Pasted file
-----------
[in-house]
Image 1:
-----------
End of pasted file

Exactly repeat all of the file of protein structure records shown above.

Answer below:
[in-house]
Image 1: